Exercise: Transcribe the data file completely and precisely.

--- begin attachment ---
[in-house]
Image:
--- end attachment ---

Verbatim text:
[in-house]
Image: